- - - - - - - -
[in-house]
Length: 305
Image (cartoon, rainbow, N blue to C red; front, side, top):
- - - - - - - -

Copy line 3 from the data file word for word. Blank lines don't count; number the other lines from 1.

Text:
Image (cartoon, rainbow, N blue to C red; front, side, top):